• Eggs– whole raw/cooked eggs are an excellent source of protein.  Fed in large amounts they can deplete biotin, so do not go overboard!
  • Soy– tofu, tempeh, soy milk, sparingly
  • Dairy– cottage cheese, yogurt, kefir, raw goat milk, occasionally heavy cream if trying to add weight

Supplements added as needed–

  • Essential Fatty Acids– Omega 3 and Omega 6 are both required.  They are essential for healthy skin and coat.  Their ratio is important.
  • Fish oil
  • Enzymes
  • Borage oil
  • Evening primrose oil
  • Vitamin E
  • Cod liver oil
  • Flax seed oil
  • Kelp
  • Bee Pollen
  • Ginseng
  • Ginkgo
  • Molasses
  • Spirulina or SBGA
  • A multi-vitamin
  • Garlic
  • Bone Meal
  • Vitamin C
  • Glucosamine/Chondroitin
  • Vitamin B Complex
  • Fresh herbs that are in season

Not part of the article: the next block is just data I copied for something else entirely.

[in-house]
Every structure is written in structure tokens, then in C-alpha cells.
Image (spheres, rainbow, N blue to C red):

• Honey
  • Aloe Vera
  • Kefir
  • Apple Cider Vinegar

Raw or Cooked?  As a rule, we feed meat and bones raw, vegetable lightly cooked or juiced raw.  This is not without risk! There are certainly diseases that can be present in raw meat that are killed by exposure to high temperatures. 

The Bone Controversy– there are two passionate camps regarding bones for dogs.  One camp says bones are very dangerous.  They can splinter and tear the digestive tract.  This certainly can happen and dogs have died of this.  The other camp argues that bones are a natural dog food that provides calcium and keeps teeth clean.  Our view is somewhere in between.  We feed knuckle bones regularly– these are the large soft bones that tend to crumble rather than splinter.  Even with knuckle bones there is some risk.  They could splinter or carry disease since they are uncooked.  This is a risk we are willing to accept because we believe our dogs are far healthier than they would be if we fed them no bones and no raw meat.

 December 30, 2008  Posted by at 8:03 pm Tagged with: , , , , , ,